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Crunch time: Why local government is getting into data

Local government grantmakers converged on an inner-city bar in Melbourne recently to learn how Our Community's Innovation Lab is generating new insights in data.

While the food and drinks were great at Campari House, it was the prospect of serious data crunching that had grantmakers buzzing with possibilities after the Victorian Local Government Grantmaker Muster hosted by the Australian Institute of Grants Management.

In particular, the prospect of being able to share and benchmark grantmaking performance against other councils saw peoples' ears prick up, as Innovation Lab Director of Data Intelligence, Sarah Barker, spelt out the rollout of CLASSIE and new data features onto the SmartyGrants platform.

Fourteen organisations were represented, but it was grantmakers from amongst the 49 Victorian councils already using SmartyGrants who were most enthusiastic.

Ms Barker explained how organisations can leverage their information to increase impact and reduce waste, by showing how they can use the SmartyGrants dashboard and CLASSIE, the classification system for social sector initiatives and entities.

Mrs Barker showed how councils (and other grantmakers) can use the dashboard to see:

  • Application indicators such as approval rates and submission rates
  • What is being funded (CLASSIE "subjects")
  • Who the recipients are (CLASSIE "populations")

LG Muster

SmartyGrants is developing capabilities to display live benchmarks. At the muster, Ms Barker presented graphs of key interest and demographic groups, the relative spending in different program areas, and grant approval and submission rates, to demonstrate how benchmarks might be used.

"You might have a submission rate of 77%. Is that good or bad? It can be useful to know how you compare to other grantmakers," Ms Barker said.

Lower submission rates, for instance, could demonstrate there were issues with guidelines, forms, or timelines.

Mapping functions being developed would allow grantmakers to see where funds were being directed, by applicant address or project locations. Future functions would be able overlay other data over maps including population, socioeconomic indicators and remoteness.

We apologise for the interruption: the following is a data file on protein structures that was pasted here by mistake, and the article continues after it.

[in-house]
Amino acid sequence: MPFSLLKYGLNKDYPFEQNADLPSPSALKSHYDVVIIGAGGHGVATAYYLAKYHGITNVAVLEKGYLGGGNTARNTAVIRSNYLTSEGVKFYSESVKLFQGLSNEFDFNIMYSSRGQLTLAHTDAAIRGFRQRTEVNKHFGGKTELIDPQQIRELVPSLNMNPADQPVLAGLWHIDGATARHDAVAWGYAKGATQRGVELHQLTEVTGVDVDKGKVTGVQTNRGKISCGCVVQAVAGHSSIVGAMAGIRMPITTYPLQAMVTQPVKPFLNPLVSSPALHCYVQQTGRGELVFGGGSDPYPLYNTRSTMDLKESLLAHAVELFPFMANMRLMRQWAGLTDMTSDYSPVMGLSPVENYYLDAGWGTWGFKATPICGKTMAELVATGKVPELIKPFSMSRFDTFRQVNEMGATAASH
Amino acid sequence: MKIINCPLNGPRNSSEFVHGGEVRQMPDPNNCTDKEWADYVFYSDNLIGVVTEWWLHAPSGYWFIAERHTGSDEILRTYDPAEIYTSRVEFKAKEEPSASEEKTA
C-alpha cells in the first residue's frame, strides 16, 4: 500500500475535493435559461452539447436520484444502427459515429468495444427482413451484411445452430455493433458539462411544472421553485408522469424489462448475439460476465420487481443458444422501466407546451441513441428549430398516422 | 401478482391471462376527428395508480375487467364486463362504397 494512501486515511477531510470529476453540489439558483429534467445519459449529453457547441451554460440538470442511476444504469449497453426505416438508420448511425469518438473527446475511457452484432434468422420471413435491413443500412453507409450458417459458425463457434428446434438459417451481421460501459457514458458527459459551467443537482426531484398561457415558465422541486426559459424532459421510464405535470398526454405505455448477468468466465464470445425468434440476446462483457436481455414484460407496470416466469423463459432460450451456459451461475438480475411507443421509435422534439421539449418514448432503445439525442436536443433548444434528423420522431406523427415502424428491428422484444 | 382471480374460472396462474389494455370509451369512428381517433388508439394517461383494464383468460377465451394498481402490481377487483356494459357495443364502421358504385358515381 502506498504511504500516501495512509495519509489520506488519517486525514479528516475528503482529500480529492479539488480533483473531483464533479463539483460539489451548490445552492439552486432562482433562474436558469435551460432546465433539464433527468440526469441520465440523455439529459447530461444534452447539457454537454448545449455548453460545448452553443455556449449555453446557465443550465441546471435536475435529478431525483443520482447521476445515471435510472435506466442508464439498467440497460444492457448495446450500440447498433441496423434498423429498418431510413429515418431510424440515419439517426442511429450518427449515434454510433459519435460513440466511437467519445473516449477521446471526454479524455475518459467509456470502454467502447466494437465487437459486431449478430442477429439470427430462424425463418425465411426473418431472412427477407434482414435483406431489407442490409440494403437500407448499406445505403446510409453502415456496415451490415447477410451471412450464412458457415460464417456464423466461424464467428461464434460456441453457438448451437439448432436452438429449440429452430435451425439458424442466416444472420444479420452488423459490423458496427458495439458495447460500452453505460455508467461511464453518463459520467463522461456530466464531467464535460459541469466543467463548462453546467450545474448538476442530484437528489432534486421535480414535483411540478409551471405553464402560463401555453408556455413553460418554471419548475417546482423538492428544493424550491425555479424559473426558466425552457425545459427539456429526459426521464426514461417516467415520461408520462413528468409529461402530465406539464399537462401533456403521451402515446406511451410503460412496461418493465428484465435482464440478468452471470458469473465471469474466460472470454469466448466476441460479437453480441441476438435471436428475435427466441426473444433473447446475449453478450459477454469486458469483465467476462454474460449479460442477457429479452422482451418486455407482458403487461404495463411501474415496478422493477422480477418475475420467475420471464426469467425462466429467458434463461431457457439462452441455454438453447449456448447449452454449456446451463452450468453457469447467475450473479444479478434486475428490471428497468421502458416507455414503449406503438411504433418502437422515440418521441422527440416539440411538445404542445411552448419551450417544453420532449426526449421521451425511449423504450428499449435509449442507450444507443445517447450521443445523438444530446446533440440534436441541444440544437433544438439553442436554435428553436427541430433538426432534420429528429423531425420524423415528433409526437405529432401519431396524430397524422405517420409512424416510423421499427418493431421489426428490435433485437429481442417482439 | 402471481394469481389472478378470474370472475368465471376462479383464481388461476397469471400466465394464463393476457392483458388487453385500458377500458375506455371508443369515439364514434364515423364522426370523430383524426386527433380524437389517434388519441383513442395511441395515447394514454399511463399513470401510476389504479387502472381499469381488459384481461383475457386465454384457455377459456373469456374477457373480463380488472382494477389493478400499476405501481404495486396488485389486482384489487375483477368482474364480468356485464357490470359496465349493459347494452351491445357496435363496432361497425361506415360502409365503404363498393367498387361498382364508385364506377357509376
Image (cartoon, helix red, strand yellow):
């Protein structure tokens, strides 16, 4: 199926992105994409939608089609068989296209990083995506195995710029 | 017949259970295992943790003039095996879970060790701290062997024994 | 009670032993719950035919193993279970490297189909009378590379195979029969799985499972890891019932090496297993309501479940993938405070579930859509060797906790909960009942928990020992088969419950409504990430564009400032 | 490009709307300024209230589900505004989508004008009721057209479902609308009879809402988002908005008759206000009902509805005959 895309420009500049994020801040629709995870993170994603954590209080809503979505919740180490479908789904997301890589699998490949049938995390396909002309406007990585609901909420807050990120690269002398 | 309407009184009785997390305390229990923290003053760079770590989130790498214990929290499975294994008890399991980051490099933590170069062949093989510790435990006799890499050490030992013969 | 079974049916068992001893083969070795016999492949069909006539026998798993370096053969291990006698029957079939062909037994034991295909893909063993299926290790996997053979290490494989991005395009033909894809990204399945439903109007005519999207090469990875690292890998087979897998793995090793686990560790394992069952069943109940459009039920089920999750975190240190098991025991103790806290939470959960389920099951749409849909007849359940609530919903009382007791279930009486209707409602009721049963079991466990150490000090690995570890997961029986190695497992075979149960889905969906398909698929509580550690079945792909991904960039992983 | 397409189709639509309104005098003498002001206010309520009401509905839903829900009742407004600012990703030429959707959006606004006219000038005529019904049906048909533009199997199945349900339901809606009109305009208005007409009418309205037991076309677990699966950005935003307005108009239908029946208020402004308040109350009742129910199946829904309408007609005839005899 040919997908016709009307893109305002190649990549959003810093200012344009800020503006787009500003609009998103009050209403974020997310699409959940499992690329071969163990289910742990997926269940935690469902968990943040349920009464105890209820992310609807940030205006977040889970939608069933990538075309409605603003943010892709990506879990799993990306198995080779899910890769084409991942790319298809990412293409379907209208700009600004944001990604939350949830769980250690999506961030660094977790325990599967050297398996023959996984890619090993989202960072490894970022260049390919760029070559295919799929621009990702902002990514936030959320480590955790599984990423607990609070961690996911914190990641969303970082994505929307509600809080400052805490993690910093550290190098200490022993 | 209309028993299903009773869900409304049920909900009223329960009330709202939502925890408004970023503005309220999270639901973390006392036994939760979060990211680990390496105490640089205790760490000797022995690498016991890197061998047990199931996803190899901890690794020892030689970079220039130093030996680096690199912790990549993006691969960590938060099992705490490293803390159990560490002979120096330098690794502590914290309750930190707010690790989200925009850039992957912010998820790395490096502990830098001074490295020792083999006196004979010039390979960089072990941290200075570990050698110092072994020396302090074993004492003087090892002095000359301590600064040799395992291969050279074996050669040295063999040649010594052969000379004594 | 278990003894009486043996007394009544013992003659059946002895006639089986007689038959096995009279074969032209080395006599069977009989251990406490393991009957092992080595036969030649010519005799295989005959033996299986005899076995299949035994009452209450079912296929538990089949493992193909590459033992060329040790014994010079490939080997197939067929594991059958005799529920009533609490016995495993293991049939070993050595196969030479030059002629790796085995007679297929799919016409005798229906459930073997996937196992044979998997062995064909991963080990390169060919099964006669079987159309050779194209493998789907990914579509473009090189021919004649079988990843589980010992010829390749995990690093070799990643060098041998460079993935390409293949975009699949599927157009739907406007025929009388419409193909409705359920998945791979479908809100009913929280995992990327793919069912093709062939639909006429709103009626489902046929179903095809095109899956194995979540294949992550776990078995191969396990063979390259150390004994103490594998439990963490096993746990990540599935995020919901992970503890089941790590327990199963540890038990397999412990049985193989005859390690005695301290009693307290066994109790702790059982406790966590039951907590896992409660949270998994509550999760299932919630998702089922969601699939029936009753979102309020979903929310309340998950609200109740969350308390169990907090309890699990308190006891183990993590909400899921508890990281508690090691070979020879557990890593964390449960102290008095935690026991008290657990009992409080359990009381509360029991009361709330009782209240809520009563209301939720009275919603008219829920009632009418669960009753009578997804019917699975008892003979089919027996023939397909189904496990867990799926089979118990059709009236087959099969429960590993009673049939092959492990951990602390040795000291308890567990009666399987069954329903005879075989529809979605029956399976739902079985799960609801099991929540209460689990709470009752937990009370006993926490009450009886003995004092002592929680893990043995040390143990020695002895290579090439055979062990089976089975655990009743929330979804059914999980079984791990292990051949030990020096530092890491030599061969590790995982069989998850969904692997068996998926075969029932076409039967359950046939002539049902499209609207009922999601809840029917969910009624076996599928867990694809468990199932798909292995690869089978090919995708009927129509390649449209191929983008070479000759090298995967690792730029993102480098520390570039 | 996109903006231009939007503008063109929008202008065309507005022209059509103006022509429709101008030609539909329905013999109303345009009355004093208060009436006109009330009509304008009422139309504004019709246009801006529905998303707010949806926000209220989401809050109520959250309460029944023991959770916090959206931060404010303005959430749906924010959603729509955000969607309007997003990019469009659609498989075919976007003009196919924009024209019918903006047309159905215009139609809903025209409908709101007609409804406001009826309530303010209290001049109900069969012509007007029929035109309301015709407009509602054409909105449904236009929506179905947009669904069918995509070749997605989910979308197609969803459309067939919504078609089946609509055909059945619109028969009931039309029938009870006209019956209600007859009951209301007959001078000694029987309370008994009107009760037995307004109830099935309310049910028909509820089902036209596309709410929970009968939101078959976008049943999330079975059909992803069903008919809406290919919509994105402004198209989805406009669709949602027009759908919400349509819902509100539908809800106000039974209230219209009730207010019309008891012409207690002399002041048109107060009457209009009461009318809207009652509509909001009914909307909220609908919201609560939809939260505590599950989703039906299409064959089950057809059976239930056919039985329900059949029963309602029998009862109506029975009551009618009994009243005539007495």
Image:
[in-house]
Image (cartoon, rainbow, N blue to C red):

In line with the Our Community motto that insights must be "useful and not just interesting", Ms Barker said "SmartyGrants will continue to make it easier for grantmakers to see where the money is going, compare themselves to similar organisations (for example, by CLASSIE "organisation type" and size) and compare similar programs. This will open up opportunities to collaborate and learn from each other."

Those tools of course will be more effective with more councils making use of the CLASSIE system, using a common "language" across the sector.

City of Glen Eira community development officer Beverley Rayner said after the session that councils had an obligation to make better use of available data.

"I think the risk is that you're not aware of how you're distributing your money with your grants, you're not looking at your strategic direction, and you're not looking at what you have, how you're supporting your local community and how it aligns with that strategic direction."

City of Greater Dandenong community funding team leader Gavin Murphy said that without making use of the data available, organisations risked failing to properly meet the community need.

"While as a grantmaker you may have a gut feeling about where the grants aren't coming from, that's a really hard thing to explain to people - and say you need invest in resources. When you've got the data to back it up then everyone's going to say yes."

The City of Greater Dandenong was in the process of migrating to the SmartyGrants system, and intended to create data sets specific to the needs of Melbourne's southeast.

"We're seeking to collect data that's really relevant to our community and what we want to measure," Mr Murphy said.

Mr Murphy said the uses of that data included being able to locate the source of unsuccessful applications - whether that's by geography or demographics - enabling the council to consider increasing resources to reach out to those communities.

"That's how I see the data being used more than anything. To see where our gaps are, to then spend time and resources to address those needs," he said.

Knox Council community resourcing officer Deb Robert said her organisation was also gearing up to make better use of the system.

"We're certainly very keen to document, to get as much out of our data that we're collecting through grants as possible. And we know there's a lot of really valuable stories to tell in all that grants information."

Ms Roberts had high hopes for how SmartyGrants, and CLASSIE, would be able to help organisations clarify what they were doing with data. She said everyone needs to be clear with their purpose.

"SmartyGrants as a leader in the field is in a good position to have that overview, which can help guide the purposes to which the data can best be put to."

City of Port Phillip grants and community projects officer Trishula Nagarajan said she was quickly learning the significance of the use of data in her relatively short time at the bayside council.

"Data is integral. It's is the new language. All the decisions are made based on data. Council has made a great investment with SmartGrants and it sounds like there's some really interesting developments and I'm excited to see what's to come."

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